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Types of wine

Learn about the different types of wine and varietals, the difference in taste and how to choose a wine you like.

New Zealand is world famous for producing delicious wines. What’s remarkable about our small country’s wine industry is the wide range of wines available. From light and aromatic whites to rich and robust reds, you can find a locally made wine that matches your palette and preferred flavour profile.

Even within each wine variety, New Zealand’s different regions, soil types and climates produce a stunning array of flavours. For example, a New Zealand made Sauvignon Blanc can be aromatic with light flavours of crisp green apple, all the way through to a more mouth-filling flavour of rich pineapple and passionfruit.

Want to know more, or not sure where to start? Talk to an expert in your local New World Wine department, and they will be happy to help you make a stand-out selection.

Primarily we produce wines in New Zealand that are a reflection of the varietal character and for the most part are one variety dominant, for example Chardonnay. Within a variety there can be a huge range of variation on aromas and flavours created by the different regions, soil types and climates. Sauvignon Blanc can vary from the crisp green herbal though to the more mouth filling richer flavours of pineapple and passionfruit with huge range in between.

White wines

There are huge variations and some white wines taste sweeter than others because even though they have the same sugar level, the fruit reminds us of sweet flavours. For example, Sauvignon Blanc often reminds us of flavours of fresh herbs and red capsicum, while Pinot Gris will remind us of ripe fresh pear. Both wines will be as sweet as each other in the amounts of sugar they have, but the Pinot Gris will appear to have a sweeter flavour.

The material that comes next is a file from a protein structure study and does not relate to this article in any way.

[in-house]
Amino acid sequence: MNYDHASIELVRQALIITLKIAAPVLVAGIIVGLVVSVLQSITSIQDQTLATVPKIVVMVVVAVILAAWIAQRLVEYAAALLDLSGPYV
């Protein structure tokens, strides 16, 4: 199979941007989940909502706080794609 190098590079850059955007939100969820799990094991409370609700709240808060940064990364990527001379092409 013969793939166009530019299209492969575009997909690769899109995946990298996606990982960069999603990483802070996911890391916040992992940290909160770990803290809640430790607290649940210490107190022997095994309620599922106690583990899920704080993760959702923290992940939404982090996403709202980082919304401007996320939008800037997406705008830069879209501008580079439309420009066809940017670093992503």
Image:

Dry white wines

By definition, a dry white wine is a wine that’s not sweet. It’s all to do with the fermentation process and removing the residual sugars. But, the absence of sweetness does not mean the absence of fruit. Choosing a dry white wine means you’ll taste bold fruit flavours, only without the sugary sweetness. Dry white wine varieties include:


Medium white wines

These wines are slightly sweet when you first taste them and will leave a rich, slightly sweet aftertaste. These wines often have “medium” or “off dry” on the label. Varieties include:


Sweet white wines

These wines are very sweet and luscious and will often have on the label “Noble”, “Late Harvest”, “Late Pick” and “Botrytis”. These terms tell you a little about how the wine is made. Late harvesting is where the grapes are left to over-ripen and shrivel slightly on the vine, which concentrates the sugar level.

New Zealand winemakers can allow the fungus Botrytis Cinerea, also known as Noble Rot to infest the grape bunches. This fungus shrivels the grapes, reducing the water content and intensifying the sugar concentration.

As a side effect, the Noble Rot also introduces flavours of ginger and honey, making it common in the production of dessert wines. 


Crisp white wines



For a crisp, more subdued Riesling, look for one made in Canterbury or Otago. The cooler climates and stonier soil produce more gentle, citrus fruit flavours.

Fruity white wines

Red wine

You may be surprised to learn that the juice from many red grapes is actually clear. The red colours you find in your wine bottle can come from leaving the pressed grape juice in contact with the grape skins.

Red wine is home to a variety of flavours, ranging from delicate to the incredibly rich and robust. In addition to the different flavours, red wines also contain a compound called tannin. Tannin is the product that provides the astringent character in black tea and will make the wine 'taste' bigger and fuller in your mouth.


Dry red wines

Sweet red wines

Full bodied red wines

These wines are rich and have masses of flavour. Varieties include:

Lighter bodied red wines

These wines are softer and are often less intense to taste. Varieties include:

Sparkling wines

Sparkling wines are made throughout the world and the most famous are from the Champagne region in France. Of course, to be called ‘Champagne,’ the sparkling wine must be produced in that popular French region. As a result, you can find a number of very enjoyable sparkling wines without the premium 'Champagne' brand.

How to choose wine

In New Zealand we are simply spoiled for choice with the range of incredible, locally produced wine on offer. Both the varieties of wine grown here, and the sheer number of Kiwi vineyards available mean you have a number of starting points for finding a great wine for any occasion. 

  • How much does good wine cost?